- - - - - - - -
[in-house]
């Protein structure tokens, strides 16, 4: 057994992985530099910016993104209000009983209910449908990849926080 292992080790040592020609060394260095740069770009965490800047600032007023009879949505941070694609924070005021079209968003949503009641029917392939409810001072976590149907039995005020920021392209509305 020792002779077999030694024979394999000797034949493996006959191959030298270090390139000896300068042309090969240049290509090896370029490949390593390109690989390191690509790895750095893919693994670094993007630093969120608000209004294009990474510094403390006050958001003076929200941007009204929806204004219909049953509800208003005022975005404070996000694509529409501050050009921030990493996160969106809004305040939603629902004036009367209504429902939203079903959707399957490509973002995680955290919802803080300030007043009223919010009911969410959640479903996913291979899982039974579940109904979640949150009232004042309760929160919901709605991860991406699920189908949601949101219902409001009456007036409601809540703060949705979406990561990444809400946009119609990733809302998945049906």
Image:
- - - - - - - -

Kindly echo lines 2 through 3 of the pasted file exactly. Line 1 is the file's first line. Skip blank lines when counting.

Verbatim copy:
């Protein structure tokens, strides 16, 4: 057994992985530099910016993104209000009983209910449908990849926080 292992080790040592020609060394260095740069770009965490800047600032007023009879949505941070694609924070005021079209968003949503009641029917392939409810001072976590149907039995005020920021392209509305 020792002779077999030694024979394999000797034949493996006959191959030298270090390139000896300068042309090969240049290509090896370029490949390593390109690989390191690509790895750095893919693994670094993007630093969120608000209004294009990474510094403390006050958001003076929200941007009204929806204004219909049953509800208003005022975005404070996000694509529409501050050009921030990493996160969106809004305040939603629902004036009367209504429902939203079903959707399957490509973002995680955290919802803080300030007043009223919010009911969410959640479903996913291979899982039974579940109904979640949150009232004042309760929160919901709605991860991406699920189908949601949101219902409001009456007036409601809540703060949705979406990561990444809400946009119609990733809302998945049906």
Image: